“Not so fast, Kain.” I could hear that blasted necromancer’s voice ringing in my head. “Those fools were only the instruments of your murder, not the cause. Seek out their masters. Seek out the pillars…”

(to be continued)

Chapter 3: The Pillars of Nosgoth

I pondered the necomancer’s words briefly. The only pillars such a man could mean were the Pillars of Nosgoth. In my many journeys, I had never seen anything as beautiful as the pillars, and yet, many spoke of strange powers and occurances at the bases of those very objects. When I was alive, I did not give any attention to these wild claims, but after being cursed with vampirism, having walked through the flames of Hell itself, I no longer had the will to doubt any possibility.

I walked down the road. I began to note many of my new abilities; I could see perfectly well in the pitch-black night, and my strength seemed to be restored as I finished sucking the blood out of a body I had dragged along. I discarded the corpse in the nearby water. Then I spied a small wooden sign, next to a stone bridge. It pointed to the east, and simply said, “Ziegsturhl.” The town I was murdered in…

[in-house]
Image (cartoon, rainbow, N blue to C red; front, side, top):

I followed the road, until I was back in the pathetic town. A few young women were conversing by the tavern window, oblivious to my presence. That is, until I snapped one of their necks from behind. The others tried to scream, but I quickly finished them with one slash from my sword. I then drank their fresh blood.

I walked into a nearby house. A fat, slobbering drunk and his dirt-stained wife were eating a pathetic meal of moldy bread and filthy water. The man stood and grabbed an axe, but blocked his swing with one hand and ripped out his heart with the other. I then took the axe and threw it at his cowering wife. It imbedded itself straight into her neck.

I left the corpses, now drained completely of blood, lying on the porch. It seemed I had effectively taken care of half of the hamlet’s population. That left only the tavern. I smashed the doors open with one kick. The patrons rose to their feet in horror.

“What do you think you’re doing, stranger!” shouted a lowly whore. “Get out!” She walked up and slapped me across the face. Not unexpectantly, I felt nothing from her strike, and returned her hatred with a smile. Then I sliced her in half.

The others jumped at me, each one carrying some sort of makeshift weapon. The tavern owner cowered behind his counter. I tore my attackers apart, then drank what little blood I could salvage from them. The tavern owner crawled back as I approached.

“Please, no!” he shouted. I reached into the satchel I had procurred in the crypt and removed three of the flails.